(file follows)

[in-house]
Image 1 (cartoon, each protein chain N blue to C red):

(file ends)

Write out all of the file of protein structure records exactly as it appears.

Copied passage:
[in-house]
Image 1 (cartoon, each protein chain N blue to C red):